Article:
It's a truism that investors' memories are short. We forget too easily. Myopia and shoddy memory are parts of what keep markets less than perfectly rational. But this also is perfectly human-generations come and go, experiences and perceptions vary, not everyone is a historian nor statistician.
I recall distinctly two years ago the general media feeling the GOP had "momentum" in the last few weeks leading up to the election, and Romney would ride this tide to victory. Here are some quotes from a Wall Street Journal editorial dated November 5, 2012 :
Romney's crowds are building-28,000 in Morrisville, Pa., last night; 30,000 in West Chester, Ohio, Friday. It isn't only a triumph of advance planning: People came, they got through security and waited for hours in the cold. His rallies look like rallies now, not enactments. In some new way he's caught his stride. He looks happy and grateful. His closing speech has been positive, future-looking, sweetly patriotic. His closing ads are sharp-the one about what's going on at the rallies is moving.
There is no denying the Republicans have the passion now, the enthusiasm. The Democrats do not. Independents are breaking for Romney. And there's the thing about the yard signs. In Florida a few weeks ago I saw Romney signs, not Obama ones. From Ohio I hear the same. From tony Northwest Washington, D.C., I hear the same.
The sentiment behind such thinking is endearing. At its core this is what politics "ought" to be about: patriotism, enthusiasm for the public good and spirited discourse. If the practice of politics is about what "ought" to be, then we tend to see the hearts of true believers swell as the decisive moment of democracy approaches.
But as investors you've got to ignore it-wholly, and from both sides of the aisle. Stocks surged since the last gridlocked-resulted election, and likely will this time too.
This year has a handful of very tight regional elections in the Senate. Any of them could go either way and are far more independent of each other than they are linked; this notion of a national tide of sentiment is always overstated. Elections are run at the regional, ground level for the most part, and this is particularly true of midterms. Statistically, summing the current probabilities, the GOP is a (very mild) favorite to take the Senate, but it won't be at all surprising if any of these elections go the other way. The basic facts of this election show still huge uncertainty and the lack of "momentum's" importance.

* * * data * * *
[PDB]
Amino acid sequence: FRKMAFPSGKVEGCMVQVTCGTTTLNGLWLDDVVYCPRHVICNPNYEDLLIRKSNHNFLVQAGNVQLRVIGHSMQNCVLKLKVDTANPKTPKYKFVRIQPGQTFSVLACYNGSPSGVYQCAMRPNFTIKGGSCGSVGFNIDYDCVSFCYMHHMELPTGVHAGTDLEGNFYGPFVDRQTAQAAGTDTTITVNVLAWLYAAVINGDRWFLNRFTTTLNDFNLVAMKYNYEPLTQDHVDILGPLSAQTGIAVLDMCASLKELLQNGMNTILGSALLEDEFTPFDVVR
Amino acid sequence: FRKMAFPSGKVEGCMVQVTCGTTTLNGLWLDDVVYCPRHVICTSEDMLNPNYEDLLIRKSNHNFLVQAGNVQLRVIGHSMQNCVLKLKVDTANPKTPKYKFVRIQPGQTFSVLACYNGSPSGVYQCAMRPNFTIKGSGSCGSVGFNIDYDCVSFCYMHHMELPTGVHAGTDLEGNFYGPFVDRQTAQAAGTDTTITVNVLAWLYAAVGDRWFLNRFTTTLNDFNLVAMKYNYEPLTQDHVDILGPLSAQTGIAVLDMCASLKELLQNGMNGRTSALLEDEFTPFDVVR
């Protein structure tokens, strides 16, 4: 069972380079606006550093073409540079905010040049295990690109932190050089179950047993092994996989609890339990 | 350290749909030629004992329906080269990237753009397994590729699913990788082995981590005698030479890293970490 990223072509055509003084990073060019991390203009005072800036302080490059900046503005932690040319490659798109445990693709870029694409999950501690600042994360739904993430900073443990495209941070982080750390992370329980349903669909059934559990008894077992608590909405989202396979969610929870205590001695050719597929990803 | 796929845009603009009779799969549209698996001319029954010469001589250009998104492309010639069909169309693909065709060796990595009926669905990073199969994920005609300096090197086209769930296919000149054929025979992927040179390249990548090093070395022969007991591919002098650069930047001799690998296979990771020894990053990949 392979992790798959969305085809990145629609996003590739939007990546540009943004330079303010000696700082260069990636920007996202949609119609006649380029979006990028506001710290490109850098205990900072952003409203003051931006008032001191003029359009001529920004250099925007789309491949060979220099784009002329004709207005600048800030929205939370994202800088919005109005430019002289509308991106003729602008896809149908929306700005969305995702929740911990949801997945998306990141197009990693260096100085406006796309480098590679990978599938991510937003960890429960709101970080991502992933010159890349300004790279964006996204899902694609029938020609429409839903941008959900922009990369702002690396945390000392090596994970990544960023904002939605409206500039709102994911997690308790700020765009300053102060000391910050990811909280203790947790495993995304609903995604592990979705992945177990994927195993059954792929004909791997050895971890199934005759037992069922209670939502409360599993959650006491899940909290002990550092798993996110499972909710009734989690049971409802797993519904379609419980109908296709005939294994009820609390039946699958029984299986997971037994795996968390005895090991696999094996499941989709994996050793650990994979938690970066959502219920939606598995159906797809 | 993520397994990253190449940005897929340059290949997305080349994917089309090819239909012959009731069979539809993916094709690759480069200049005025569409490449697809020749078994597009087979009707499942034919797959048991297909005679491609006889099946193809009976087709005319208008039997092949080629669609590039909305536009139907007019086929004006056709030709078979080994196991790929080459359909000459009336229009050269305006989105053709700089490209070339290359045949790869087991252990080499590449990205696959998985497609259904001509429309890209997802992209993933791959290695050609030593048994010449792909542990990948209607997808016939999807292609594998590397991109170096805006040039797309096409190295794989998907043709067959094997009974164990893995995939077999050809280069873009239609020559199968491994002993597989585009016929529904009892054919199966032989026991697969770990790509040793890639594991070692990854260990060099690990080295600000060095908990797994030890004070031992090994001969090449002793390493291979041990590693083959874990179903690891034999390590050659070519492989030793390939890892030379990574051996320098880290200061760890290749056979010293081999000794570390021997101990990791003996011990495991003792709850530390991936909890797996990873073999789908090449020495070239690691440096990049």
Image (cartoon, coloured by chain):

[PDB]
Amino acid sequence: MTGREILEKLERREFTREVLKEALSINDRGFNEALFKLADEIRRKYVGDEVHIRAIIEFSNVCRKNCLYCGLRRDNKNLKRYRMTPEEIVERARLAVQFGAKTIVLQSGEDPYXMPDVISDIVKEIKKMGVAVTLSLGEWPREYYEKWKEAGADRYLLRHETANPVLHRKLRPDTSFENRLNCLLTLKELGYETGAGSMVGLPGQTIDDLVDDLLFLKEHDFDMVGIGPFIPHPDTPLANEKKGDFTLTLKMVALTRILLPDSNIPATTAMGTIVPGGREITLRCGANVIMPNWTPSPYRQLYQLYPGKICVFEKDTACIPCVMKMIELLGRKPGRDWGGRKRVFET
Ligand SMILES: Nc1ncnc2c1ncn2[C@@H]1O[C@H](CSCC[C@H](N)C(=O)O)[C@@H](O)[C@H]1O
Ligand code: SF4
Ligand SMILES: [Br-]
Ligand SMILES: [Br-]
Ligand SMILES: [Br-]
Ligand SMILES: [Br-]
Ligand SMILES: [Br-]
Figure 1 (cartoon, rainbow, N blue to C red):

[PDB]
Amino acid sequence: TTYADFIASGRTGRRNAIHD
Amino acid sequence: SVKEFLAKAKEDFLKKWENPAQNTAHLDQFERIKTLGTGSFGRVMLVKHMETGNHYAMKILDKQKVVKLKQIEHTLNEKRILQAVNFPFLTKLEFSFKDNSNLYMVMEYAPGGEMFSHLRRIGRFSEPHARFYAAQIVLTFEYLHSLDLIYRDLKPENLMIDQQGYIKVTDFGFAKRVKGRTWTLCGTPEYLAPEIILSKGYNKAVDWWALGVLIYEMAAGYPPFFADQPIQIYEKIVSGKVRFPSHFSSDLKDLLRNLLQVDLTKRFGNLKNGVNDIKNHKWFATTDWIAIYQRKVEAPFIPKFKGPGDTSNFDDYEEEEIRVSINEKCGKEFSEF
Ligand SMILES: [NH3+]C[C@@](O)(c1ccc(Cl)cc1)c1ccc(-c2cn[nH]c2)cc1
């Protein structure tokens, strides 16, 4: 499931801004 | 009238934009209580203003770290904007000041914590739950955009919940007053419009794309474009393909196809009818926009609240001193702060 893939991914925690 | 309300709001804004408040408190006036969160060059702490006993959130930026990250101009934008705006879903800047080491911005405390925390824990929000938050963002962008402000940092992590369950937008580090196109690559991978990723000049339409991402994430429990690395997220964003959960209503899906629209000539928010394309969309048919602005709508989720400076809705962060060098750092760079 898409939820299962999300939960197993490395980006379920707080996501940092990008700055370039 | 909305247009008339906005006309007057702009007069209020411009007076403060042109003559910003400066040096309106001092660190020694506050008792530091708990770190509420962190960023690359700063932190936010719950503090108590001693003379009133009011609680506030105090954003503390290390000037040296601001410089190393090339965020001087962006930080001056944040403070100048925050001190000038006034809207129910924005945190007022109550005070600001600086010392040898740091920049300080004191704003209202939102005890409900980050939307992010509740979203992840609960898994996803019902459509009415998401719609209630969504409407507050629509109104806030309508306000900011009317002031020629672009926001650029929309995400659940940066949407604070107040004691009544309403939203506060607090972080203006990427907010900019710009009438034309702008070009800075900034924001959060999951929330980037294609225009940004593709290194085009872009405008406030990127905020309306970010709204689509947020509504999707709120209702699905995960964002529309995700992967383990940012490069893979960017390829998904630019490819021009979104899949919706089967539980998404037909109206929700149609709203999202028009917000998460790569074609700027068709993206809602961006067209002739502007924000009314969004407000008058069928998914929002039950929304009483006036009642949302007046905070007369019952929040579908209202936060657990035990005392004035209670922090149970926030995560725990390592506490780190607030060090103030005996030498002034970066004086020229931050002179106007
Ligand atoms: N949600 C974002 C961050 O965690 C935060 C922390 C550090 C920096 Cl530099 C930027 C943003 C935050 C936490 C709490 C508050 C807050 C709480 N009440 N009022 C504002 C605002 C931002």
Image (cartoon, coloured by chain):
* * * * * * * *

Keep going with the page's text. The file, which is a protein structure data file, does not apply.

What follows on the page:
What is truly certain at this point is how strongly gridlock will prevail. With a Democratic president, and two chambers of Congress potentially GOP held-but by nothing like super majorities (especially in the Senate)-you have more of the same grinding in Congress, regardless of the final tally.
Folks lament this. Gridlock feels so wrong, so non-productive. The feeling of "getting something done" is always preferable. Whatever your ideology and social preferences, put those aside for a moment and think only as an investor. Particularly for developed, democratic and otherwise capitalist countries (the US being the prime example), gridlock is great for stocks and pretty much always has been. This is particularly true for calendar-year fourth quarters, once the election is over. MarketMinder has detailed this phenomenon consistently (click here, and here for details.)
Why? It's also a general truism that what's counterintuitive to investors (on a sentiment basis anyhow), is often right. What do you have with a "get it done", proactive Congress? You have more rules, more regulations, more changes to the playing field. Economies-that is, the corporations and real people who make the world go-don't like seeing the rules of the game changed. All it does is create winners and losers, zero sum games. It forces adjustments, where that effort could otherwise be employed more productively.
What's in a gridlocked Congress? They scream at each other and not a lot else. That is, the rules of the game don't change much, allowing corporations and people of the economy to otherwise go about their business without the deadweight losses and adjustments of constant rule changes.
These days, we lament low business confidence, uncertainty about the future. Such things promote short-term thinking in both investors and CEOs. What we have ahead of us is a lame duck with a very tightly held Congress, possibly in the opposition. This is an environment where folks will worry less about big rule changes, giving CEOs gumption to invest capital, and letting investors drive the bull market higher.
Momentum in the waning days of the election cycle is a non-issue for the stock market, and it'll be impossible to see that if your ideological bent bends you either way.
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*The content contained in this article represents only the opinions and viewpoints of the Fisher Investments editorial staff.